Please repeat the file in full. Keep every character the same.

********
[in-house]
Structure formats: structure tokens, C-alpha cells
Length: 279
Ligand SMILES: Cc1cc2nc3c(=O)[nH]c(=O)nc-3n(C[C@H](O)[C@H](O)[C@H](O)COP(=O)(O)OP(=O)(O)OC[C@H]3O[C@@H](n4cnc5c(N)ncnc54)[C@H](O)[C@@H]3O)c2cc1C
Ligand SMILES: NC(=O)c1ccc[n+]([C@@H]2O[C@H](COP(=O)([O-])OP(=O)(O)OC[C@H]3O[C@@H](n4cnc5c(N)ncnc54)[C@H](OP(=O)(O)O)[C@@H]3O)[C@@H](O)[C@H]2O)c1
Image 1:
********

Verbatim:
[in-house]
Structure formats: structure tokens, C-alpha cells
Length: 279
Ligand SMILES: Cc1cc2nc3c(=O)[nH]c(=O)nc-3n(C[C@H](O)[C@H](O)[C@H](O)COP(=O)(O)OP(=O)(O)OC[C@H]3O[C@@H](n4cnc5c(N)ncnc54)[C@H](O)[C@@H]3O)c2cc1C
Ligand SMILES: NC(=O)c1ccc[n+]([C@@H]2O[C@H](COP(=O)([O-])OP(=O)(O)OC[C@H]3O[C@@H](n4cnc5c(N)ncnc54)[C@H](OP(=O)(O)O)[C@@H]3O)[C@@H](O)[C@H]2O)c1
Image 1: